Soon, I had an accomplice.
His handle was Hacker VII, and I don’t remember how we met, though I suppose we must have just stumbled into one another on some virtual boulevard, because there wasn’t really any other way to meet in MicroMUSE. What I do remember is laughing so hard my stomach hurt. There was no AOL Instant Messenger then, no Gchat, nothing like that. If you try to remember the first time you used a chat interface, I suspect you’ll unearth some of the same brain-tingling delight. Conversations in MicroMUSE, as in any chat interface, were fast-paced enough to keep you engaged, but they also provided enough lag – a thick enough buffer – for you to be your cleverest self.
Hacker VII became not only a key source of hilarity but also my primary collaborator. Both of us sought to delve deeper into the scripting language that brought things to life in the MUSE.
I had already created rooms with elaborate descriptions, and I had created objects with simple behaviours. But together, Hacker VII and I dreamed of more spectacular effects. The aim of our work was the aim of all projects in MicroMUSE, and really, the aim of most projects on that early internet: we wanted to show off.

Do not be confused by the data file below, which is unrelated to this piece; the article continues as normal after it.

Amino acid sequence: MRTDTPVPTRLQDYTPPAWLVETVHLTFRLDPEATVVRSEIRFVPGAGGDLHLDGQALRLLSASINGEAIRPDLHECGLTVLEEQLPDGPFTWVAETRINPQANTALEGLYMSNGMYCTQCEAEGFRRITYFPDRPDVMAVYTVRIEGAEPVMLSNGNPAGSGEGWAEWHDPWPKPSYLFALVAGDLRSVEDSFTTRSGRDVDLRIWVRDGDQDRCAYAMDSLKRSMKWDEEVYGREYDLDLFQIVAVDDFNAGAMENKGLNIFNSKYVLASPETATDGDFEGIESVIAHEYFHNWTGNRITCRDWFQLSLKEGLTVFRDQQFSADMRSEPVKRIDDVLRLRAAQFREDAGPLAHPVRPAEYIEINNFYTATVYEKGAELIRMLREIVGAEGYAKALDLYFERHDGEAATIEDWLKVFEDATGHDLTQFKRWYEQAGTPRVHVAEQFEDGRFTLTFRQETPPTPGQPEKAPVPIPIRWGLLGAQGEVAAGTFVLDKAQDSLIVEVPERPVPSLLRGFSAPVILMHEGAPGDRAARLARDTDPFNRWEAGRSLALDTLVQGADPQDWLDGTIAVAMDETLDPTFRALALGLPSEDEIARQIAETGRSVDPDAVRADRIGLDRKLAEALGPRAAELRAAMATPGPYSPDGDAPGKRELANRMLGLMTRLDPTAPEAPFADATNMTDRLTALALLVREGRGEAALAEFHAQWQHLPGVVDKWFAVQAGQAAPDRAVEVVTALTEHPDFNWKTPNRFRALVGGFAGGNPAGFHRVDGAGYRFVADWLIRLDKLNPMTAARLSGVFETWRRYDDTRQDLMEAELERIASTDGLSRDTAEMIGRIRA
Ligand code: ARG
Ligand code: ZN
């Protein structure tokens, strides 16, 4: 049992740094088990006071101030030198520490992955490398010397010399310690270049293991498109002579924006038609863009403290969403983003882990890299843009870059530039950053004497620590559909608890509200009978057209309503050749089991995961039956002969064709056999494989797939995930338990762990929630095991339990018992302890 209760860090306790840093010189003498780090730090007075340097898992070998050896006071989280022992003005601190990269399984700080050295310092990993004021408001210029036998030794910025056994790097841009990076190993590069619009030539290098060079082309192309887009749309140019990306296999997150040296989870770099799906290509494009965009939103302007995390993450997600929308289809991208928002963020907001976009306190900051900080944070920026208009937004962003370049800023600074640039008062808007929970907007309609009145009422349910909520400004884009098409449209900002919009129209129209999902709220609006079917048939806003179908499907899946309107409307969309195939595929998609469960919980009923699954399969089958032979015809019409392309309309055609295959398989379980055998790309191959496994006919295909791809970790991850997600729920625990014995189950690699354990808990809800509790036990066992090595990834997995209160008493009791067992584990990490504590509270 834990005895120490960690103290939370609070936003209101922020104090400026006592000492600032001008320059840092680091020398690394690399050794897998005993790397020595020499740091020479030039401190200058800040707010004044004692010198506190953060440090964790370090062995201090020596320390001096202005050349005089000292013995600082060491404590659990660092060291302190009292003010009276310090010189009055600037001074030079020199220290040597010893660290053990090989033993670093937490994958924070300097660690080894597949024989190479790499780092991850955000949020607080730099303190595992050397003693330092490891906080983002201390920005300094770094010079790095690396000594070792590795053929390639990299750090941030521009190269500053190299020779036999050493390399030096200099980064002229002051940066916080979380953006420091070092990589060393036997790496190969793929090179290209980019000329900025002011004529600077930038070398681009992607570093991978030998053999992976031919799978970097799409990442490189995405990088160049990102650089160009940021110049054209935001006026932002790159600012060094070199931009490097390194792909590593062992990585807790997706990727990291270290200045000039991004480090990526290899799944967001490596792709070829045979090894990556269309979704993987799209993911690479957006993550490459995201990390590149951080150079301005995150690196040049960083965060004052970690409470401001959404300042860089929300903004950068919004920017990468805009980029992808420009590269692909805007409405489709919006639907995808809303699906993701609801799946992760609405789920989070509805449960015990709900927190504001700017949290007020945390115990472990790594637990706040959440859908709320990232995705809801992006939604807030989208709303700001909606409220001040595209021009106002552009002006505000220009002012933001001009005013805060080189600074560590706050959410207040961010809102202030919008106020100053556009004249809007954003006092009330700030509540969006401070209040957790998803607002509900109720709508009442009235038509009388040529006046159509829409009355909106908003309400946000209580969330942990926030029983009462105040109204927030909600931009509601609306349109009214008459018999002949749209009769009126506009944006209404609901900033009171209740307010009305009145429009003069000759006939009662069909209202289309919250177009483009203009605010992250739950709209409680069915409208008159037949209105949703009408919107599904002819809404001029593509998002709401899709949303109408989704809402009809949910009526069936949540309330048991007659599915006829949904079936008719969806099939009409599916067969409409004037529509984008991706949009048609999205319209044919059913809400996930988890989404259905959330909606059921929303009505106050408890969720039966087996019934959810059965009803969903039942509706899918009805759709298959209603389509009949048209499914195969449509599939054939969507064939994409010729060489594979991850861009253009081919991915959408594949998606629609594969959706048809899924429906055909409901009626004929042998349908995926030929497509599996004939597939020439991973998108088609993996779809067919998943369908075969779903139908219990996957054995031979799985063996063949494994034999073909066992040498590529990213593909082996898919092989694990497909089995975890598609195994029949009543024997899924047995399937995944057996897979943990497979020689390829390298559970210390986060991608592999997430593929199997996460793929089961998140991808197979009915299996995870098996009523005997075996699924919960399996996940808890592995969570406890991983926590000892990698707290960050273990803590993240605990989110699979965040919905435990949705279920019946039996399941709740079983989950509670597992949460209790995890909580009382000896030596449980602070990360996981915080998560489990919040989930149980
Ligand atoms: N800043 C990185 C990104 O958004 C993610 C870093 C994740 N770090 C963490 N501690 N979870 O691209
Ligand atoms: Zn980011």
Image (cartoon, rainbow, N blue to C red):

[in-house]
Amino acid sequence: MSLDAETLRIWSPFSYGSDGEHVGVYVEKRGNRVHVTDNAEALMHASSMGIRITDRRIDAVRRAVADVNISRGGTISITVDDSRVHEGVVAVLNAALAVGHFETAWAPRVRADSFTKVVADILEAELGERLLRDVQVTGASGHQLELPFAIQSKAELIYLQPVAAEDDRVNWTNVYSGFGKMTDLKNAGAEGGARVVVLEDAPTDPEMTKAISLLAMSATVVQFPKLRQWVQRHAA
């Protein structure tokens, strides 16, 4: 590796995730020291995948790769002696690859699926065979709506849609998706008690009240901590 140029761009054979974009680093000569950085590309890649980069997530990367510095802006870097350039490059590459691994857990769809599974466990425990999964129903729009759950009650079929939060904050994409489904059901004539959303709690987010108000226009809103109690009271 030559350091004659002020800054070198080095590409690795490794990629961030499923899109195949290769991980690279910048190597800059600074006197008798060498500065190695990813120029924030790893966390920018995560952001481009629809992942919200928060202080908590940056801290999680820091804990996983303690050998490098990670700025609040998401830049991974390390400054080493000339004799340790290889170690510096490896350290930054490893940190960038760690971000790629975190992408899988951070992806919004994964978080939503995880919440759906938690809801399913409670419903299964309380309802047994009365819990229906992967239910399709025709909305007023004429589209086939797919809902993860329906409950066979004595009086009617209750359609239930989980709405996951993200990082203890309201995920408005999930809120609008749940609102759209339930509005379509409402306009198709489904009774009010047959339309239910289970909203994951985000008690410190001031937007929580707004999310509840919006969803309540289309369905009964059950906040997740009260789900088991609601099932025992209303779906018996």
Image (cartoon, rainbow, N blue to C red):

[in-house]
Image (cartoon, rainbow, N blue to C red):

So we built a giant transforming robot.
Of course, the robot’s size wasn’t impressive, as it was only a matter of an adjective. The transformation, though: that took some doing. We imagined a gleaming titan assembled from two smaller units. Mine would be the Electron Crusader; Hacker VII’s, the Proton Defender. Together, they would combine to form the Atomic Champion. You can tell we had watched a lot of Voltron .
That’s what we imagined, but we couldn’t actually make it work. This is where MicroMUSE betrayed its Unix underpinnings. Every object had an owner and a set of permissions associated with it; this was a good thing insofar as it meant that a roaming cyber-vandal couldn’t corrupt the lovingly crafted chambers of Nib’s Knoll. But it also meant that I couldn’t manipulate Hacker VII’s robot, nor he mine. Each of us could control only half of the transformation, so it required that we each execute a command simultaneously, which seemed inelegant, and besides, what if one of us was offline when the Atomic Champion was needed for show-off purposes?